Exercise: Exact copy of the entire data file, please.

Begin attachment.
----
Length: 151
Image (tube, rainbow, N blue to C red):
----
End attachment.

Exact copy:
Length: 151
Image (tube, rainbow, N blue to C red):